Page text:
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D-II: VSU’s Bell intercepts everything, including a thief
Author: Matt Stewart
Publication Date: 2004-12-13
Division II Championship Notebook
By Matt Stewart
FLORENCE, Ala. –– Valdosta State cornerback Terrence Bell took back more than just two interceptions Saturday in the Blazers’ 36-31 win over Pittsburg State in the Division II National Championship.
He also took back a teammate’s helmet.
Bell was seen running up into the stands at Braly Municipal Stadium in Florence, Ala., minutes afther the game and he wasn’t looking for fans or family members.
Bell was after a Pittsburg State fan, who had apparently taken a Blazers’ helmet that was left unattended to during the celebration.
“A fan took one of the helmets and I tried to go get it, “ Bell said. “I think it was (a Pittsburg State fan).”
After the game, Blazers’ head coach Chris Hatcher identified the missing headgear as belonging to Valdosta State running back Tyran Robinson.
“It was Tyran’s helmet, and we’re going to take it out of his scholarship next semester,” Hatcher joked.
However, Bell was able to recover the helmet after retrieving it from the fan.
Pitt State’s nation leading 368 rushing yards per game was reduced to just 161 rushing yards by the Blazers’ ‘Black Swarm’ defense.
“They put a liitle bit more preasure on us than we are used to,” Gorillas’ head coach Chuck Broyles said. “They slow-played a little bit on the edges.”
After running roughshod over the Valdosta State defense in the first half for 121 yards, the Gorillas’ rushing attack managed just 42 yards in the second half.
“They didn’t do anything unexpected, we just hurt ourselves by turning the ball over,” said Gorilla senior quarterback Neal Philpot, whose team gave the Blazers 13 points off four turnovers. “We just weren’t able to pass like we thought we would, and we couldn’t get the inside running game going like we thought we might.”
The Gorillas were held under 200 yards rushing for just the 24th time since 1986.
Philpot ran for 107 yards in the opening 30 minutes, but found little room in the second half, managing to grind out just 10 yards on six carries. The senior did go over the 10,000-yard mark for total offense in his career in the first quarter. However, he was replaced by junior Andy Majors midway through the third quarter. Majors finished the game 11-of-14 passing for 148 yards.
Down 14-0 early in the second quarter, the momentum swung on Bell’s interception when Blazers’ defensive lineman Calvin English leveled Gorilla running back Germaine Race with a blindside block, knocking Pitt State’s 2,200-yard rusher out for the remainder of the first half.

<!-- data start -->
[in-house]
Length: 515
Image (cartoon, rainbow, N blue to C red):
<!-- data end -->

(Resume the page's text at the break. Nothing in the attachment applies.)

“I don’t remeber much, I just remember running after the guy,” Race said. “After that, I don’t remember anything.”
Race returned in the second half, and ran for 39 yards on four carries.
“The hit that Calvin made really set the tone for the rest of the game,” Hatcher said. “(Race) had rushed for over 2,000 yards. Take him out of the game and maybe they are not as comfortable.”
With the Blazers clinging to a five-point lead with under five minutes to play, Hatcher gambled with a fake punt on fourth-and-five at the Gorilla 44-yard line. The snap went to upback Fred Dunn, a senior linebacker, who ran for six yards, dragging defenders one extra yard for a first down.
“Fred Dunn is a senior and he’s always saying there is no tomorrow, basically trying to talk me into using that play,” Hatcher said. “It wasn’t that big of a gamble at the time, but it ended up being huge on our part because we ate up a little more clock and we forced them to go a long way there at the end of the ballgame.”
The fake allowed Valdosta State to use up almost three more minutes of clock and forced Pitt State to have to drive 86 yards with less than two minutes to play.
For the eighth time this season, the Blazers trailed in a game, and Saturday also marked the fifth time this year Valdosta Sate was behind in a game for more than a quarter.
“We are not a very good team when we have the lead,” Hatcher said.
Pitt State had only trailed three times prior to Saturday, and had never been behind by more than a touchdown in the second half. (VSU led by 12 in the fourth quarter.)
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